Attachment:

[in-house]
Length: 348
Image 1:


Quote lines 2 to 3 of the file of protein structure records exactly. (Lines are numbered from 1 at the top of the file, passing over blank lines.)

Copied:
Length: 348
Image 1: